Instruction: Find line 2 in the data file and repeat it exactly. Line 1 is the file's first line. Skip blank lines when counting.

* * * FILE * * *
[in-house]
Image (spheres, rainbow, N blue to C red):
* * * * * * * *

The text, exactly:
Image (spheres, rainbow, N blue to C red):